"Customers are happy because clothes are even cheaper than a decade ago, and retailers can benefit from low costs," said Felix Chung, a Hong Kong legislator representing the textile industry. "But the result is massive waste - and the brands will need to pay for it in the future."

With that model coming under fire for its environmental record, top brands like H&M Hennes & Mauritz, Target Corp. and Gap have adopted water quality standards for their suppliers and monitor them to protect their reputation with consumers. Owners of brands including H&M, Zara, Nike and Adidas are among those that have committed to achieve zero discharge of hazardous chemicals in production by 2020.

The problem is how to achieve better environment and labor standards without raising prices for consumers who have become addicted to cheap fashion.

"We talk about social responsibility, but people are not willing to pay for it," said TAL's chairman Harry Lee. "Stricter regulation requires manufacturers to upgrade their facilities. It's good, but it requires capital."

TAL, which opened its first factory in mainland China in 1994, had been buying bacteria from other labs to treat water used in washing cloth. Using bacteria instead of chemicals to digest organic compounds can cut the amount of waste sludge generated by as much as 80 percent and enables 100 percent of the water to be recycled in the plant.

During a production halt during the week-long Chinese New Year break this year, the bacteria in its system died, so TAL set up a research program that is using DNA sequencing to find a "superbacteria" that would be cheaper and more efficient, Lee said.

But researching and upgrading technology is expensive. For many smaller suppliers on wafer-thin margins, it's money they don't have. In a June-July survey of 85 Chinese textile manufacturers by China Water Risk, more than half those polled said they have invested at least 2 million yuan to upgrade their factories - equivalent to almost 40 percent of the average annual profit for a small textile company in 2012. More than a quarter of the suppliers said the effort had increased operating costs by between 20 percent and 40 percent. Fourteen percent felt they may face the risk of having to shut down.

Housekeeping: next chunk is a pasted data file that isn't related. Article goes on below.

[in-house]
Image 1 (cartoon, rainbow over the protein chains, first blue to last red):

The day is coming when retailers will have to adjust their retail prices as manufacturers cannot continue to absorb the costs of compliance. "There are clear questions around the long-term business model, especially around potential cost-sharing by brands and consumers," said Dawn McGregor, a Hong-Kong based manager at China Water Risk. "We've already seen manufacturers shutting down and consolidating, which means less choice and higher prices for brands."

The big retail brands are also playing a part in trying to develop techniques that would cut costs and allow the industry to be less wasteful.

H&M Foundation, a non-profit organization under the Stefan Persson family, founders and main owners of H&M group, announced this September that research with its partner, the Hong Kong Research Institute of Textiles and Apparel, had developed a chemical process that could recyle blended textiles into new fabrics and yarns. The foundation offered a 1 million euro award this year to encourage ideas for a more sustainable way to use resources in the fashion industry.

At the Hong Kong lab, scientists hope to develop their superbacteria within two years. If they succeed, TAL will share the results with other manufacturers, Lee said.

"Hopefully more factories will be willing to use it," said Lee, "But it's a very slow process."

Original Article: TheMiddletownPress
Next
This is the most recent post.
Previous
較舊的文章

0 Comments:

張貼留言